- Bouguereau's last public commission was a prestigious one for the Lady Chapel in St. Vincent de Paul, Paris (1884-88). The church already had paintings by Hippolyte Flandrin and Picot and sculptures by Rude and Carrier-Belleuse. If the giant paintings were ever cleaned and restored, they would be seen to be unusually powerful examples of post-Lourdian French Catholic art.
- A splendid oval from the Hôtel Pereke is in the collection of Lincoln Kitstein, New York. Three large panels, L'Amour, L'Amitié and La Fortune, for the Hôtel Bartholony are now in the American embassy in Paris, a gift of Mrs. Chester Dale. He used an encaustic technique for the gracefully intertwined couples on black backgrounds, making a clear reference to Pompeian frescoes. When the panels were shown in the Salon of 1857, Théophile Gautier stressed in an ecstatic review that they were not slavish imitations: "Le dessin des têtes, des torses et des extrémités rappelle sans servilité le gout de la décoration antique. Il est simple, élégant, dégagé de détails inutiles; car il ne faut pas faire voltiger les réalités du daguerréotype sur les fonds rioirs de Pompéi. C'est ce que M. Bougereau a trés bien compris" (Baschet, op. cit., p. 10).
- He exhibited enamels after Le Brun and Greuze in the Salon of 1850-51 (Baschet, op. cit., p. 6).
- For the constant popularity of rococo themes in nineteenth-century French art, see Carol Duncan, The Pursuit of Pleasure: The Rococo Revival in French Romantic Art (New York, 1976, published Columbia University Ph.D. dissertation). The furnishings and decorative styles of the eighteenth century also lasted in an unbroken tradition. At home in the rue Notre Dame des Champs, Bouguereau surrounded himself with eighteenth-century furniture. Note the Louis XVI chair in The Vow (figure 3).
- Formerly in the Musée des Beaux-Arts, La Rochelle, now in the Cathedral.
- For Bouguereau and his models, see Jacques Lethéve, Daily Life of French Artists in the Nineteenth Century (New York, 1972), p. 77.
- The Getty painting is the autograph reduction, painted the same year as the large picture (83 in. x 59 in., present whereabouts unknown) shown in the Salon.
- Vachon, op. cit., pp. 98-99.
- This explains his unwillingness in later years to take on commissions with dictated subject matter. In a letter of December 2, 1889, to Charles W. Cram, a dealer, he wrote: "Monsieur, Je regrette de ne povoir vous atre agraable en acceptant la commande que vous étes autorisé à me faire, mais ainsi que je vous l'avais dit, c'est dehors de mes habitudes, et ce serait m'astreindre à une obligation qui pourrait me géner dans mes désirs de faire tel autre sujet." Letter in the possession of the Library of The Metropolitan Museum of Art, New York.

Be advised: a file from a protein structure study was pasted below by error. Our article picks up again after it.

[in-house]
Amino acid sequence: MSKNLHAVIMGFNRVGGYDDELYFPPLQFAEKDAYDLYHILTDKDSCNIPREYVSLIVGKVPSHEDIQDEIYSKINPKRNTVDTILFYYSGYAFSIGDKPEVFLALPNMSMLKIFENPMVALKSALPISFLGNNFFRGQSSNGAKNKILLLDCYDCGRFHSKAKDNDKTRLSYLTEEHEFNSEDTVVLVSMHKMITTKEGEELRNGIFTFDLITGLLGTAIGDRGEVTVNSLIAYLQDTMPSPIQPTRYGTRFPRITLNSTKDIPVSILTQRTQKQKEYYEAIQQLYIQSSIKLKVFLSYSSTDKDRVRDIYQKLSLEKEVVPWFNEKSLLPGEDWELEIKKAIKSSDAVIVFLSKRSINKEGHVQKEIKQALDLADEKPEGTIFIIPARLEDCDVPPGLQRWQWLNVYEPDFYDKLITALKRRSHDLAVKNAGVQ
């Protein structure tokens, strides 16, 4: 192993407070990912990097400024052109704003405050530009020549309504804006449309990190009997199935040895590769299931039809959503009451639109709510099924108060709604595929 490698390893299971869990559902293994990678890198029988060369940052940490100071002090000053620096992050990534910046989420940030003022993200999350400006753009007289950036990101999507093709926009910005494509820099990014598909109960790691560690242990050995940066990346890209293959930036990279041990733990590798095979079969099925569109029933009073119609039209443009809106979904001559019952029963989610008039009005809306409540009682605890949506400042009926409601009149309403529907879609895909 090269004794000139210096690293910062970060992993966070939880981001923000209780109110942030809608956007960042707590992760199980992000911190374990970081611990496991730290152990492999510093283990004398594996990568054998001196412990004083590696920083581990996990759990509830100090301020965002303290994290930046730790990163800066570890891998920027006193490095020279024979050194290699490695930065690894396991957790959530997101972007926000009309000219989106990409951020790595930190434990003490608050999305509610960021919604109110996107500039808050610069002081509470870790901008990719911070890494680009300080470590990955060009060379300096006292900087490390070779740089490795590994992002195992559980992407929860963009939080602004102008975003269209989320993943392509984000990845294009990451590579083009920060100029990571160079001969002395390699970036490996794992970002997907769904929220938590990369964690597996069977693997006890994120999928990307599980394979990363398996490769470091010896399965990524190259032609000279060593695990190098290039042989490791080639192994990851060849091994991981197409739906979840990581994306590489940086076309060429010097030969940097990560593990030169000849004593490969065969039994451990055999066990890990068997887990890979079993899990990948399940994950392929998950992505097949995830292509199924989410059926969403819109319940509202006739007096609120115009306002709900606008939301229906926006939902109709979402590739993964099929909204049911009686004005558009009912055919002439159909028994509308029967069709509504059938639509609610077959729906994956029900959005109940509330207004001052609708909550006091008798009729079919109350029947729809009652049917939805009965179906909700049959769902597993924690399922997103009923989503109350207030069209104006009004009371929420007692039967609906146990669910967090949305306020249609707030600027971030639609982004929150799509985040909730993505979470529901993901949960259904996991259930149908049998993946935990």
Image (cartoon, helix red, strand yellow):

- Like Temptation, this picture was reproduced in a line drawing in Baseher (op. cit., unpaginated plates) and also engraved by Goupil. Pendant le moisson, or a copy of it, was sold at Kende Galleries, New York, January 7, 1943, as Mother's Treasure. The catalogue (no. 56) stated it was "painted in Fontainebleau, 1879" and "from the Samuel Beach Collection, acquired directly from the artist in Paris." Judging by the photograph and dimensions, the same picture, now signed and dated 1872, was sold at Parke-Bernet, New York, June 4, 1975, no. 189, as Maternal Joy. The paintings was in very poor condition at the sale, as it presumably was in 1943 when it brought the unrealistically low price of five hundred dollars.
- We have been told ad nauseam that the lighter palette adopted by the non-Impressionist painters was a response to the growing acceptance of Impressionism. It should be apparent to the most casual museum visitor that neither lightness of color nor the use of visible brushstrokes was an Impressionist invention. For that matter, Bouguereau made no significant contribution to the scientific study of light, the great Impressionist achievement.
- For a detailed account of Bouguereau's fortuna critica, see my introduction to the New York Cultural Center catalogue, William-Adolphe Bouguereau (New York, 1974), pp. 13-19.
- His Young Girl Defending Herself against Love and Temptation belonged to two keen collectors of eighteenth-century French art, the former to Mrs. Henry Walters and the latter to Mrs. Henry Huntington. Temptation was sold in 1926 with the other contents of Mrs. Huntington's New York mansion (Sale of properties "removed from 2 East 57th Street, New York City," Anderson Galleries, April 15, 1926, no. 48) and bought by E. F. Albee, the movie theatre magnate, who gave shelter to so many once prized masterpieces of the last century.
- William-Adolphe Bouguereau
Oil on canvas, 39 x 52 in.
Putnam Dana McMillan and M. Knoedler Funds, 74.74
- William-Adolphe Bouguereau
Ulysses Recognized by his Nurse on his Return from Troy, 1849
Musée des Beaux-Arts, La Rochelle
- William-Adolphe Bouguereau
The Vow, 1867
Philadelphia Museum of Art
- William-Adolphe Bouguereau
Young Girl Defending Herself against Love, 1880
J. Paul Getty Museum, Malibu
- Detail of the child in Temptation
Three Ages of Man
Duke of Sutherland Collection, on loan to The National Gallery of Scotland
- William-Adolphe Bouguereau
Pendant le moisson, 1872
Detroit Institute of Arts
- William-Adolphe Bouguereau
The Nutgatherers, 1882
Detroit Institute of Arts